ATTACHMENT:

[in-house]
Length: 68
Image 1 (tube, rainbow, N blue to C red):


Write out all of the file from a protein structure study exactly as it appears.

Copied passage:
[in-house]
Length: 68
Image 1 (tube, rainbow, N blue to C red):